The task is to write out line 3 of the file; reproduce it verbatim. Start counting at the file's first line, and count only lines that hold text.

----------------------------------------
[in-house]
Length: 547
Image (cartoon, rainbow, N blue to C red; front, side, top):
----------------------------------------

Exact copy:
Image (cartoon, rainbow, N blue to C red; front, side, top):